The Minor League season is off and running, giving teams a wide pool of prospects who are vying for an opportunity at the Major League level at some point. Some are knocking on the door already, while others could use this season to force their way onto big league rosters with their performances.
Here is the Minor Leaguer most likely to make an impact in the Majors in 2021 for each American League Central team:
Indians: 1B Bobby Bradley
Top prospect Nolan Jones could easily be the answer for this, as he’ll likely get a shot in the big leagues at first base or the outfield at some point this year, but the bigger impact could be felt from Bradley. The first baseman was called up to the Majors for a brief stint in 2019, hitting .178 with a .600 OPS in 15 games. But at that point, Bradley looked overmatched and overwhelmed. With some more experience under his belt and his weight at (as he described) the perfect number, he could be ready to prove what he can do at the big league level, both offensively and defensively. Cleveland is always looking for any type of offensive boost, and Bradley has certainly showcased his power throughout his Minor League career. In 13 Cactus League games this spring, Bradley hit .303 with a .951 OPS, five doubles, two homers and 11 RBIs. If that can translate to the big leagues, Bradley has the chance to make a big impact for Cleveland in 2021. -- Mandy Bell
Royals: LHP Daniel Lynch
You were thinking this would be Bobby Witt Jr., weren’t you? And the answer could very much still be him, as the Royals' top prospect, per MLB Pipeline, is expected to make his debut in 2021, given that he continues his standout performance from Spring Training and the club has open playing time for him. But we’re going to go with Lynch here because of the weight that pitching depth will have on this season. After being slated to be Triple-A Omaha’s No. 1 starter to start this season, the Royals decided instead to have Lynch make his debut on Monday, when he allowed three runs in 4 2/3 innings and showed why he’s their top-ranked pitching prospect. Kansas City's bullpen depth was already being tested with injuries, so it moved Jakob Junis back to the bullpen to open a spot for Lynch, who will stay in the rotation for now. Lynch has an electric fastball and a wipeout slider while also mixing in a curveball and changeup that he can throw for strikes as long as he’s consistent with his fastball command. The 24-year-old will no doubt have ups and downs like any rookie does in the Majors, but having him on the Royals' pitching staff could have a lasting impact on its depth throughout a 162-game season. -- Anne Rogers
Tigers: RHP Matt Manning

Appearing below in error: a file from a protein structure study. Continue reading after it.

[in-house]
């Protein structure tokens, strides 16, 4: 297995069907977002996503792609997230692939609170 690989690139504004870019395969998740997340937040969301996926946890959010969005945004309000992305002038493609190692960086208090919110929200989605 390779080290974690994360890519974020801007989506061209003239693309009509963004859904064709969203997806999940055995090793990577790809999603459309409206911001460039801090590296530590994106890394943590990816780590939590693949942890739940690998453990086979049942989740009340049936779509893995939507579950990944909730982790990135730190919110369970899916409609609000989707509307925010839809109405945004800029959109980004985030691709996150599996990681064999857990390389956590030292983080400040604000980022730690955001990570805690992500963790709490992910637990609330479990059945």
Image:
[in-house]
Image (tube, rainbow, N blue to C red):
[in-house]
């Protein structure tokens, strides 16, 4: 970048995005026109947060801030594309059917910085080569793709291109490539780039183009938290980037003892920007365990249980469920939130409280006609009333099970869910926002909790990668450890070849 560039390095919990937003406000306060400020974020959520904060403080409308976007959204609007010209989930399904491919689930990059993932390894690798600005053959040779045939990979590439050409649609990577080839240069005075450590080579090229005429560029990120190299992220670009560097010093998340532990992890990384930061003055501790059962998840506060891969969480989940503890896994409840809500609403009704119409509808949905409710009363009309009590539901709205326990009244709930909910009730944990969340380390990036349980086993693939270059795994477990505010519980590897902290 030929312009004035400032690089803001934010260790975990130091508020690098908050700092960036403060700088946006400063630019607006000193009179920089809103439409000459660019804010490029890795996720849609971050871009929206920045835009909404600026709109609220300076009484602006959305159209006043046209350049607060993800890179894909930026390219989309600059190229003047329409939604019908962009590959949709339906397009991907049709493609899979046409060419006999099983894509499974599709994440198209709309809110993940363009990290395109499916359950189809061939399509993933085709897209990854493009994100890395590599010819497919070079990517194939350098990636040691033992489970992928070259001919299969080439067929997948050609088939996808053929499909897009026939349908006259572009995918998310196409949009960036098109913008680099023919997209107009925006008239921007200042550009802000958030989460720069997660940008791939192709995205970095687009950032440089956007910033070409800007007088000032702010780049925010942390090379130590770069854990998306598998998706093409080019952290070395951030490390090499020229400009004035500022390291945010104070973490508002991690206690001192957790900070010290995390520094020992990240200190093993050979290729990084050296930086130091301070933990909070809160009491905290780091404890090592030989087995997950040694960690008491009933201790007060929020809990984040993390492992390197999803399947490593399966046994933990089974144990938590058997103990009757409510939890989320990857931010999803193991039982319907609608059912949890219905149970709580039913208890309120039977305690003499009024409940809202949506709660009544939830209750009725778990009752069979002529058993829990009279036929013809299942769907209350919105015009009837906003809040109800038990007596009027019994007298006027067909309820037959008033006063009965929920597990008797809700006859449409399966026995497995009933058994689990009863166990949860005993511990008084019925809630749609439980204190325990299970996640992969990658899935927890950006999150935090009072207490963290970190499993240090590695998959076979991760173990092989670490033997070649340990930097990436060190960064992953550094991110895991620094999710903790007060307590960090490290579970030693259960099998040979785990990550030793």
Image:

The Tigers’ top pick in the 2016 Draft might be in the big leagues already if not for a right forearm strain that shut him down at the alternate training site last summer. He’s expected to make his big league debut sometime this summer, maybe sooner if needed. The 23-year-old had a rough introduction to Triple-A baseball Tuesday night, giving up three home runs in five innings for the Toledo Mud Hens, but he also struck out six. His fastball sits in the mid-90s, but it registered 100 mph in Spring Training contests. Just as important to his arsenal is a tumbling curveball that he can locate for strikes when he’s on. Compared with fellow top pitching prospects Casey Mize and Tarik Skubal, Manning has had a slower, steadier climb through the system, including 26 starts over two seasons at Double-A Erie. In that time, the former two-sport star and college basketball recruit has refined his pitching delivery and become more of a pure pitcher, one who could end up having the highest upside of the group. -- Jason Beck
Twins: RHP Edwar Colina
The Twins are 0-6 in extra innings, and they've been outscored, 28-3, from the ninth inning on this season. Their bullpen depth is a clear problem -- without clear answers from within. Colina could be part of that solution. The 24-year-old touches triple digits, and he's armed with one of the best sliders in the system, but he had a rough cameo in the big leagues in 2020 and is on the 60-day injured list to open the season with right elbow inflammation.
Colina is throwing once again at the Twins' Minor League facility in Fort Myers, Fla., and once he's both healthy and ready for the Majors, he could have some of the more electric stuff in a Minnesota bullpen that has been the clear weakness of the club so far in '21. He likely won't be a candidate for leverage spots anytime soon, but any big arm to lengthen manager Rocco Baldelli's options appears to be a need in the relief corps at this time. -- Do-Hyoung Park
White Sox: OF Yoelqui Cespedes
Céspedes, MLB Pipeline’s No. 1 international prospect in the most recent signing class, would be considered a long shot to reach the Majors just months after joining the organization. But the right-handed-hitting outfielder and No. 5 White Sox prospect, per MLB Pipeline, told MLB.com during Spring Training that reaching the Majors is his ultimate goal for the 2021 season. Maybe a long shot is what the White Sox need, with left fielder Eloy Jiménez out five to six months after a late March surgery to repair a ruptured left pectoral tendon and center fielder Luis Robert away from baseball activity for 12 to 16 weeks after suffering a complete tear of his right hip flexor legging out an infield hit this past Sunday.
Left fielder Andrew Vaughn, right-handed pitcher Michael Kopech and left-handed pitcher Garrett Crochet, the team’s top three prospects, per MLB Pipeline, already are contributing to the White Sox as the rebuild has transitioned to title contention. Pitchers such as Jonathan Stiever (No. 7) and Jimmy Lambert (No. 19) or infielder/outfielder Garvin Sheets (No. 12) could see time with the White Sox, but Céspedes’ addition might be the most impactful and would be the most surprising in a jump from Double-A Birmingham. -- Scott Merkin